Description of Programme

From the World Indigenous Television broascaster conference 2012 in Kautokeino


The Master’s Degree Programme Sámi journalism with an Indigenous Perspective provides rigorous academic training for further study and deep insight into the world of journalism, while simultaneously examining the world of journalism from an indigenous perspective. An important aspect of the programme is to enable students to reflect upon what it means to be an indigenous journalist, and what bearings this perspective has on journalistic practice. The programme offers theoretical and research-based knowledge of journalism, and of the methods and skills that are required for working as a journalist in advanced positions.

  • Starts in August 2019

  • 90/120 credits (1 ½–2 years)

  • A Master’s Programme approved by the Norwegian Agency for Quality Assurance in Education

  • No tuition fees, only a minimal student fee

The aim of the programme is to deepen the student’s knowledge within the journalistic academic field and sharpen the student’s professional analytical skills. The students are to acquire research-based knowledge about the journalistic profession, its impact and relevance for indigenous communities, and its role in shaping contemporary diverse society.

The programme also provides a context for an international exchange of experience, values and professional priorities of journalists in indigenous communities worldwide. It intends to attract inter alia students from Sámi and other indigenous communities, and students with a specific interest in indigenous media and journalism, with the aim of providing indigenous and other communities with media professionals, academics and policy makers in the field of media in an indigenous and multicultural context.

Programme structure and courses

The Master’s Programme are full time studies for 3 semesters (90 study points) or 4 semesters (120 study points) shared over 3 or 4 semesters. The programme is structured to provide advanced instruction and learning in core areas of journalism and media studies that are mandatory.

A. Mandatory Courses

What is indigenous journalism? (10 ECTS)

Ethics, law and professional identity (10 ECTS)

Journalism research: Theory and methods (20 ECTS)

B. Optional Courses:

Indigenous societies and structures (10 ECTS)

Advanced journalism course for indigenous journalism (10 ECTS)

OR other courses that amount to 10 + 10 ECTS and that strengthen a specific area of indigenous journalism. This can be inter alia in matters related to the Sámi language (such as Sámi Language and Writing) or Sámi history; Indigenous issues (Indigenous Philosophy or other Indigenous studies); or media or journalism (e.g. Environment Journalism).

C. Master's thesis

Master's thesis writing and seminar I (30 ECTS)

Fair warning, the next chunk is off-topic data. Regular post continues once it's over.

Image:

Master's thesis writing and seminar II (30 ECTS)

Master’s thesis


The Master’s thesis can be either 30 ECTS or 60 ECTS credits in scope. A thesis of 60 ECTS is focused on providing scientific excellence with an aim to prepare the student for further academic training at post-graduate level. It requires an academic piece of work of about 100–120 pages, or a practical piece of extended journalistic work + an analyses of about 50 pages. A thesis of 60 ECTS is required if aiming to pursue doctoral research.


If the candidate choses to limit the thesis to 30 ETCS credits, the scope of the thesis is either about 60 pages of written text, or a practical piece of journalistic work accompanied by an analytical part of 40 pages.


Learning outcomes


After completing the programme, students will have acquired the competence to work in a professional journalistic setting in a leading or specialist role. The students will have mastery of the legal and ethical requirements of the profession, including international regulations and conventions guiding the field. They will have a capacity for professional self-reflection and for understanding the challenges faced by indigenous media. They will have an understanding of the transnational nature of contemporary indigenous media networks; and of its relevance for their own practice.


Based upon their demonstrated capacity for independent research, the students will have the ability to advance research and policy in this area. The programme provides a pathway to achieving competence for doctoral research (120 study points).


Indigenous journalism is a developing field in communication practice, with an increasing need for professionals and experts. This international Master’s Program of Sámi Journalism with an Indigenous Perspective is an unique programme in the field of media and journalism in the world.


Considering the growing field of indigenous media, this is necessary in order to develop the field of indigenous journalism. As of today, there is a great lack of academically trained professionals who can function as teachers or researchers in this field. The growing field of indigenous media also calls for a growing need for policy makers and professionals with an indigenous perspective. This program meets the demand for the provision of advanced professional development for journalists, Sámi and indigenous journalists in particular.